Today is, officially, Holy Saturday – the empty space between Good Friday and Easter Sunday. It might better be called Holey Saturday. It is a hole, a hiatus, an abyss between the two strongest days of the Christian calendar.
Unlike Christmas – which has very little biblical evidence to support a date of December 25 – the date of Jesus’ crucifixion can be quite precisely identified. It happened at the Jewish Passover, which came about according to a 1000-year-old formula based on the spring equinox and the full moon.
The crucifixion is also one of the few facts in the Bible that cannot be challenged. Every gospel, every letter, agrees that Jesus was crucified. No other world religion claims a leader who was executed as a criminal.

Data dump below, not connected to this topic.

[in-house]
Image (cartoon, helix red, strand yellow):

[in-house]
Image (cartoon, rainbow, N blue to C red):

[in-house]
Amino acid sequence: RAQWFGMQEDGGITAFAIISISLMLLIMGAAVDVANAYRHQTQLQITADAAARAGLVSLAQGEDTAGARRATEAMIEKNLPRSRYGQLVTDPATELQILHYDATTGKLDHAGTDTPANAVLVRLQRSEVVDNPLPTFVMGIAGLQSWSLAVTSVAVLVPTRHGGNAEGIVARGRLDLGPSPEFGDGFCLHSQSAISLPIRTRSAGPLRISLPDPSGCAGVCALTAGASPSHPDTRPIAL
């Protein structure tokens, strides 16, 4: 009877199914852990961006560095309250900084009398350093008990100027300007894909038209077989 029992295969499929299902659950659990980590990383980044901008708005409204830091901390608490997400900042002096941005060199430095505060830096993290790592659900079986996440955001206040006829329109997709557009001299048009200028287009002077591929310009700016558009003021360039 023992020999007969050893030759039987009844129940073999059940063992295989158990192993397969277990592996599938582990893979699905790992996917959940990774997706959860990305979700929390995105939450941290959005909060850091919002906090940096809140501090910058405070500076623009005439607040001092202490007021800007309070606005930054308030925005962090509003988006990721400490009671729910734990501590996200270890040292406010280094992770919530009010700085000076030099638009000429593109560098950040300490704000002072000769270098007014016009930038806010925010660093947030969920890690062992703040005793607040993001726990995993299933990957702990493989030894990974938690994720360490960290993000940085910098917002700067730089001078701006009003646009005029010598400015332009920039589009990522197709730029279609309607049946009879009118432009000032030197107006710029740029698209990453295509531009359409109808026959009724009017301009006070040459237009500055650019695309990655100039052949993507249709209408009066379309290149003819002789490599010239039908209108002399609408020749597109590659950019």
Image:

And the traditions agree that on the “third day” – counting Friday as Day One, because the counters didn’t have zero, yet – on Sunday morning, he was no longer in his tomb.
But Saturday is the day between. When nothing happens.
Because nothing could happen. Saturday was the Jewish Sabbath. The laws of Moses made it a day of rest. Jews were commanded to emulate God, who – according to Genesis – created the universe in six days, then rested on the seventh day. That’s why the women had to wait until Sunday morning to come to the tomb,